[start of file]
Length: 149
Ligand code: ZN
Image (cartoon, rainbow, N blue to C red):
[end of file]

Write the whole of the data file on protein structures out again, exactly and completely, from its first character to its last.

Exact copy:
Length: 149
Ligand code: ZN
Image (cartoon, rainbow, N blue to C red):